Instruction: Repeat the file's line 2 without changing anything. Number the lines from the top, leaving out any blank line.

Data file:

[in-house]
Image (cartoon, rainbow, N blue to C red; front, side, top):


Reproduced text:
Image (cartoon, rainbow, N blue to C red; front, side, top):